A NATO server appears to have been hacked by a group that claims to have rooted the server with a private zero day exploit.
A private zero day exploit is a vulnerability discovered in a system that is not disclosed publicly before being used in an attack.
A 50 MB backup of 2646 files from what reportedly was NATO's Apache Tomcat servlet was posted on a cyberlocker to prove the attack.
Online group Team Inj3ct0r claimed responsibility for the attack under the auspices of the AntiSec hacking movement and said it was made in response to alleged "nuclear weapons its development (sic) and financing".
In a text file note left on the server, the group said:
"NATO lamers! I've been watching you day and night since then! W00t! Your Machines rooted! Servers restored to default! what else! F**k you and your crimes! and soon enough all your stupid ideas will be published on WikiLeaks!
Greetz.. I stand alone :)"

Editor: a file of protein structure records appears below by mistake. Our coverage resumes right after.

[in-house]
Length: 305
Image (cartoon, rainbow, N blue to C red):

The attack is the second to hit NATO in as many months, following an attack on a third party NATO bookshop in June.
The threat of hacking and activist groups has not gone unnoticed by NATO. In a report last month NATO General Rapporteur Lord Jopling said:
"Observers note that Anonymous is becoming more and more sophisticated and could potentially hack into sensitive government, military, and corporate files. ...even if one is in favour of transparency, military and intelligence operations simply cannot be planned and consulted with the public. Transparency cannot exist without control. The government, and especially its security agencies, must have the right to limit access to information in order to govern and to protect."